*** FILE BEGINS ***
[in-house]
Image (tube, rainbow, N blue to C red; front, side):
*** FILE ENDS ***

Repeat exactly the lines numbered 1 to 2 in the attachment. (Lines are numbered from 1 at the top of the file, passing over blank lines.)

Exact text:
[in-house]
Image (tube, rainbow, N blue to C red; front, side):